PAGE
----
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Review and Analysis of Prison Litigation Reform Act Court Decisions: Solution or Aggravation?

NCJ Number
Prison Journal Volume: 77 Issue: 4 Dated: (December 1997) Pages: 405-455
K Bennett; R V Del Carmen
Date Published
51 pages
In response to a dramatic increase in prison litigation, the Prison Litigation Reform Act (PLRA) was enacted by Congress in April 1996 to curtail meritless inmate litigation and restrict remedies for prison condition lawsuits.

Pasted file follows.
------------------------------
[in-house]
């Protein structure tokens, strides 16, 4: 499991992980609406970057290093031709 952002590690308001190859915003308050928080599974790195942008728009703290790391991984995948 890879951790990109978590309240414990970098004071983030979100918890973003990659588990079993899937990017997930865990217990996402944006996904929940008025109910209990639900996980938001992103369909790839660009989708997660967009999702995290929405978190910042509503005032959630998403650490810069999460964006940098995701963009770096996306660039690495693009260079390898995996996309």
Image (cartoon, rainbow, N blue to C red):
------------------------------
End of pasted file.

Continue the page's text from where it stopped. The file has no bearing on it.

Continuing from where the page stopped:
Although the PLRA addresses several areas of prison litigation, four sections contain the most litigated provisions. Section 802 specifies appropriate remedies for prison conditions, and Section 803 states lawsuits by inmates with respect to prison conditions may not be brought until available administrative remedies are exhausted. Section 804 identifies procedures for collecting inmate lawsuit fees, while Section 809 indicates the court may revoke earned release or good time credits of Federal inmates if they file malicious or false civil action claims. Constitutional issues associated with the PLRA are considered, including separation of powers, due process, equal protection, right of access to Federal courts, first amendment rights, and double jeopardy. Legal issues raised by the PLRA are examined, such as time of application, retroactivity, and conflict with Federal rules of civil and appellate procedures. A list of PLRA- related court decisions is appended. 83 references and 21 notes